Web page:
Tesco’s banking division is aiming to recruit its first ever chief data officer as part of plans to place greater emphasis on the way information is collected, stored and used to drive the business forward.
The chief data officer will be tasked with being the key “data strategist” and adviser to the business, and will aim to improve data quality, encourage the reuse of data assets, improve the provision of data to Tesco Bank customers, colleagues and business processes, and develop new data products.
The successful candidate, who will be based in Edinburgh, will report to the chief customer officer, and work closely with the executive leadership team as well as the chief information officer and strategic partners.
According to the recruitment ad, the CDO will have to improve the way the bank collects, uses, manages and publishes data both internally and externally, while ensuring that data is available, reliable, consistent, accessible, secure and timely in support of Tesco Bank and Tesco Group’s overall objectives.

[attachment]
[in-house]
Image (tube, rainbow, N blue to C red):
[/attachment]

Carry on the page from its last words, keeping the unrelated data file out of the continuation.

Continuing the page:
Formed in 1997 as a joint venture with the Royal Bank of Scotland, Tesco Bank has been wholly owned by Tesco since 2008. It offers a range of insurance, credit cards, loans, savings, mortgages and travel products, and launched a current account in June 2014.
With around 7 million customer accounts and policies, a major part of its strategy is cross-selling financial services to Tesco’s 15 million Clubcard holders.
The move comes as Tesco Group reported a second consecutive quarter of higher sales. In a trading statement, the supermarket said its UK like-for-like sales were up 0.3% in the 13 weeks to 28 May.
For the group as a whole, including its businesses in Ireland, the European mainland and Asia, the rise was 0.9%. In April, Tesco announced its first growth in quarterly sales for three years, with UK like-for-like sales up 0.9%.
Tesco chief executive Dave Lewis said: “We have delivered a second quarter of positive like-for-like sales growth across all parts of the group in what remains a challenging market with sustained deflation. We are encouraged by the progress we are making.”
The retail giant also confirmed it had agreed to sell its Harris & Hoole coffee shop chain to Caffe Nero; this follows the sale of Dobbies Garden Centres chain and restaurant chain Giraffe.
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